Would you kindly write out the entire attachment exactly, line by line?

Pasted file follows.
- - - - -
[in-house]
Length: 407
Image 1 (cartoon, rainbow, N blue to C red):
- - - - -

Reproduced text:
[in-house]
Length: 407
Image 1 (cartoon, rainbow, N blue to C red):